Canada and Mexico on Monday pushed back against President Donald Trump’s suggestion that steel and aluminum tariffs could be waived if they signed a new and“fair” NAFTA deal, setting the stage for a tense end to the latest talks to update the trade pact.
The two U.S. trading partners have threatened retaliation unless they are exempted from the planned tariffs, which have rattled financial markets. Both Canada and Mexico send more than 75 percent of their goods exports to the United States.
“Mexico shouldn’t be included in steel & aluminum tariffs. It’s the wrong way to incentivize the creation of a new & modern NAFTA,” Economy Minister Ildefonso Guajardo said on Twitter.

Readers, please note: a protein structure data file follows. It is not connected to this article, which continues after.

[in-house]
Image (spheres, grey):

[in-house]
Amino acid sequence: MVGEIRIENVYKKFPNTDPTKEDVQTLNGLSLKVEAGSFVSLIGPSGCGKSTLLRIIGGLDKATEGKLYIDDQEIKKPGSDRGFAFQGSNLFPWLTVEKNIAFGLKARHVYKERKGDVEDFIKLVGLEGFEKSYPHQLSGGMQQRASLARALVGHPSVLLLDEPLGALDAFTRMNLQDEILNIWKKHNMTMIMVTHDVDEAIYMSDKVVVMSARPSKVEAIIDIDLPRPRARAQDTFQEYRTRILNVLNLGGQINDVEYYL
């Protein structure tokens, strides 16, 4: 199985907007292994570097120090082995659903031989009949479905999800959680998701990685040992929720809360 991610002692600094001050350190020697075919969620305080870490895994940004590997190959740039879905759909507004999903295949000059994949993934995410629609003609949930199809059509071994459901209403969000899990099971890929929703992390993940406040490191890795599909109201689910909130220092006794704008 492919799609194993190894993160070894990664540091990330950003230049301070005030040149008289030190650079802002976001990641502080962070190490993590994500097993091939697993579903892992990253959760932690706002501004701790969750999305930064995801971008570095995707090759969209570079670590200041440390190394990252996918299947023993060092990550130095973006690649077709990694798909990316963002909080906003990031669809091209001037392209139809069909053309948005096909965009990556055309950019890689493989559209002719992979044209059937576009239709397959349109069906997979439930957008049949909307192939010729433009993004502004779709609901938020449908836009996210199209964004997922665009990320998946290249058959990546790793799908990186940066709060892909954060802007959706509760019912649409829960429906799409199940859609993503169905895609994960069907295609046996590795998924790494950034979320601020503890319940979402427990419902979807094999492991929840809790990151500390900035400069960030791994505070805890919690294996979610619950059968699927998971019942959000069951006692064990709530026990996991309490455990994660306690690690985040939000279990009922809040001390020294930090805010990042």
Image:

Canadian Finance Minister Bill Morneau, speaking north of Toronto, said Ottawa is now negotiating NAFTA with a partner that has“changed the terms of the discussion,” referring to the United States.
Negotiators from the three countries are scheduled to meet later on Monday in Mexico City to wrap up the latest round of talks aimed at modernizing the 1994 North American Free Trade Agreement.
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